There is an undisputed legitimate use of exit() as the way to end a child process started by fork() on Operating Systems supporting it. Going back to the code before fork() is usually a bad idea. This is the rationale explaining why functions of the exec() family will never return to the caller.

  • 6
    exit() is not a system call – anon Aug 12 '10 at 12:25
  • @anon: you are right, technically it's a return to system, but there is not much difference. – kriss Sep 1 '10 at 11:18
  • 3
    I usually use return in main(). Certainly, I use return 0; at the end of main() — I sometimes use exit(); in the body of the function. I don't like the C99 rule about falling off the end of main() being equivalent to return 0; at the end; it was a silly special case to make (though C++ led the way first in doing the damage). – Jonathan Leffler Jan 19 '14 at 0:20
  • 1
    Note: the C11 standard has additional functions at_quick_exit(), _Exit() (also in C99), and quick_exit(). The _exit() function is from POSIX, but is essentially the same as _Exit(). – Jonathan Leffler Jan 19 '14 at 1:38
  • 1
    If you wanted an example to illustrate why exit in a library is bad: it makes people ask this question stackoverflow.com/q/34043652/168175. And then presumably either use the hack or go with IPC for no good reason – Flexo Sep 6 '16 at 7:29
16

I wrote two programs:

int main(){return 0;}

and

#include <stdlib.h>
int main(){exit(0)}

After executing gcc -S -O1. Here what I found watching at assembly (only important parts):

main:
    movl    $0, %eax    /* setting return value */
    ret                 /* return from main */

and

main:
    subq    $8, %rsp    /* reserving some space */
    movl    $0, %edi    /* setting return value */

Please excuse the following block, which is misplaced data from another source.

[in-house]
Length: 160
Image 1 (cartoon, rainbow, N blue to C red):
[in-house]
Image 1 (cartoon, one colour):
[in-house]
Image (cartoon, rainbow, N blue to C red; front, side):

call    exit        /* calling exit function */
                        /* magic and machine specific wizardry after this call */

So my conclusion is: use return when you can, and exit() when you need.

  • This is a very good answer except for the conclusion; IMHO it motivates the opposite one: we can assume that the ret instruction returns to a point where there is maybe some additional work done, but in the very end the exit() function will be called anyway - or how could be avoided to do whatever exit() does? Which means the former does just some additional "duplicate" work without any benefit over the second solution, given that exit() is most certainly called in the very end, anyway. – Max Mar 18 at 19:45
  • 1
    @Max: it is not forbidden to recursively call main from your own program. Henceforth you should not assume that returning from main will immediately exit, this would break code semantic. In some (rare) cases it's even usefull. For instance to help prepare/clear some context before calling main after changing code entry-point to something different from main. This could even be done by some run-time code injection method. Of course when it's your program do whatever you prefer or believe is easier to read. – kriss Apr 3 at 9:13
  • @kriss: this is an excellent point which hasn't been mentioned earlier. Although I think it's extremely rare that main() is called recursively, this possibility clarifies IMHO better than anything else the difference between return and exit(0). – Max Apr 11 at 0:35
9

In C, there's not much difference when used in the startup function of the program (which can be main(), wmain(), _tmain() or the default name used by your compiler).

If you return in main(), control goes back to the _start() function in the C library which originally started your program, which then calls exit() anyways. So it really doesn't matter which one you use.

  • 1
    It does matter. exit() immediately terminates the program, no matter where it is called. return only exits the current function. the only location they do the same thing is in main() – Amy Aug 11 '10 at 23:17
  • Thanks, i have fixed the wording. It is not necessarily only in main(), as not all compilers use the same function name for the startup function. – Dumb Guy Aug 11 '10 at 23:23
  • 7
    I guess you write all your programs in one big main function? ;-) – C Johnson Aug 12 '10 at 10:41
  • Answer is not complete but still informative. – GeekyJ Jun 26 '15 at 2:56
1

the return statement exits from the current function and exit() exits from the program

they are the same when used in main() function

also return is a statement while exit() is a function which requires stdlb.h header file